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The IRS has published a "Notice of Proposed Rulemaking" in the U.S. Federal Register. If you'd like to comment on the proposed rule, your comment must be received by July 23, 2015. Since the proposed regulation deals with PFIC-related issues, it may be of interest to U.S. persons residing overseas. I suggest reviewing the proposed regulation to see if it would have any unintended consequences. Spend a bit of time looking through this notice if you currently hold (or might hold) a stake in any non-U.S. insurance company.

The proposed regulation clarifies the PFIC status of certain foreign reinsurance companies, slightly tightening the rules for when such companies are deemed PFICs. The primary reason for the regulation is that some U.S. hedge funds have created offshore reinsurance companies solely or predominantly as vehicles for U.S. tax avoidance.

Here's the heart of the proposed regulation:

As the terms “active conduct” and “insurance business” are not defined in (Internal Revenue Code) section 1297, Treasury and the IRS are proposing regulations to clarify the circumstances under which investment income earned by a foreign insurance company is derived in the active conduct of an insurance business for purposes of determining whether the income is passive income, and thus the extent to which the company's assets are treated as passive assets for purposes of determining whether the company is a PFIC.

The IRS is particularly seeking feedback on how to establish "appropriate methodologies for determining the extent to which assets are held to meet obligations under insurance and annuity contracts" and on how to write the definition of "predominantly engaged in the insurance business." This is all to separate "fake" insurance companies that exist solely or predominantly to help the wealthy avoid tax from real insurance companies that are actively and predominantly engaged in the insurance business.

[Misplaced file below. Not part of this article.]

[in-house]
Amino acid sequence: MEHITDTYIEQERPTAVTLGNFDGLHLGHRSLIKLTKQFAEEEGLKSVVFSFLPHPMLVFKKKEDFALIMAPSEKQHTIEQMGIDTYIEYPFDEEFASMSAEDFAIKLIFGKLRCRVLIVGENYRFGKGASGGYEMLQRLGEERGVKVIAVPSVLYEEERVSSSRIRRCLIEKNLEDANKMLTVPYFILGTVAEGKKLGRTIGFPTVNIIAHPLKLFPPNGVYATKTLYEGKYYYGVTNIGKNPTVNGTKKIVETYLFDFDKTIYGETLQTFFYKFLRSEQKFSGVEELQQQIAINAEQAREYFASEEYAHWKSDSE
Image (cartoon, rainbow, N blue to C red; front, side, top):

Real foreign insurance companies are generally excluded from PFIC (Passive Foreign Investment Company) treatment. That is, you can hold equity shares in a real foreign insurance company -- Aviva plc in the U.K., to pick an example -- and have that holding treated the same as if you held shares in U.S. insurance companies like State Farm, Allstate, or Metlife. U.S. hedge funds (and other wealthy entities) are taking advantage of this PFIC exemption for insurance companies to create essentially fake foreign insurance companies that invest in all kinds of strange, otherwise PFIC-triggering things under the "umbrella" tax code protection of an insurance company wrapper. Those "strange" underlying investments are then financially manipulated so that tax is at least improperly deferred -- the raison d'être for PFICs. It's a big loophole, and (at Congress's urging) the IRS is now seeking to close it. These wealthy entities will still be permitted to create and/or invest in fake foreign insurance companies, but then they'll have to take annual "mark to market" or QEF elections, like any other PFIC. They'll also still be allowed to invest in real foreign insurance companies that are predominantly and actively engaged in the real business of insurance, that carefully use investments (and make investment decisions) to support real insurance policies and underwriting rather than in furtherance of some rent-seeking tax avoidance scam.

Of course the other category of companies generally exempt from PFIC treatment is banks, so will the hedge funds (and other wealthy entities) simply start creating fake overseas banks once fake insurance companies are no longer available in the U.S. tax code? Hopefully the IRS has already blocked that other potential tax dodge.

Note that this proposed regulation has nothing particularly to do with CBT v. RBT. The beneficiaries of this particular loophole are solely or predominantly U.S. residents. Overseas Americans just happen to get caught up, disproportionately, in the tax avoidance strategies that the wealthy practice. Thanks, rich people, for messing things up for the rest of us. :( If you have some feedback to the IRS on how they might avoid ensnaring "mere mortal" overseas Americans as they close this particular loophole, let them know.
 
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